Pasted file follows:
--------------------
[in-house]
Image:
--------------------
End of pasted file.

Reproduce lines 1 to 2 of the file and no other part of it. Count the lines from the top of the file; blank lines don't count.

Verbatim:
[in-house]
Image: